Be Cautious with Credit
August 19, 2015
Young adults across Arkansas are determining the best course of action to manage upcoming expenses. One option many will consider is signing up for a credit card.
Credit cards serve a great purpose, but consumers need to remember that carrying balances on credit cards can be quite costly, especially if cardholders make only the minimum monthly payments because late charges and accrued interest continue to build on the unpaid balance.
Arkansas Attorney General Leslie Rutledge issued today’s consumer alert to warn young consumers about the potential downfalls of entering the credit market.
“Buy now, pay later credit plans may seem like an easy way to cover expenses in the short term,” said Attorney General Rutledge. “But these could lead to long-term problems if consumers take out cards with high interest rates or reach the credit limits. Consumers can establish a respectable credit history with credit cards by using them responsibly.”
Attorney General Rutledge offered the following tips to consider when signing up for a credit card:
- Though credit card offers may be appealing, avoid accepting too many offers. Having too much credit can lead to unmanageable debt.
- Choose a card based on the cost of credit, which includes the interest rate charged on credit balances and other fees.
- Submit payments on time. Consistently making timely payments is the only way to improve your credit ratings and qualify for less expensive credit.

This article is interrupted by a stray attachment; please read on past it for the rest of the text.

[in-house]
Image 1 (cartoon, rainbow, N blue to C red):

- Pay the balance owed each month. Although it may seem easier to pay the minimum balance, doing so costs more in the long run, and it takes much longer to pay off the debt.
- Be aware of promotional or introductory interest rates. Many cards start out with low rates but eventually move up to higher rates. Make sure you know when the high rate begins.
- Steer clear of “over-the-limit” protection. It can be very expensive over time, especially on small transactions.
- Protect your credit score by refraining from “maxing out” a credit card.
- Read the fine print. Remember, a credit card application is a contract.
In 1999, the Arkansas General Assembly enacted legislation to restrict the practice of marketing credit cards on college campuses in order to combat high pressure solicitations that were targeting college students. A decade later, Congress took additional steps to limit solicitations. Some credit card companies are offering specific student credit cards that come with additional financial education and support for college students.
For more information on managing credit cards and other consumer-related issues, call the Arkansas Attorney General’s Office at (800) 482-8982 or visit ArkansasAG.gov or facebook.com/AGLeslieRutledge.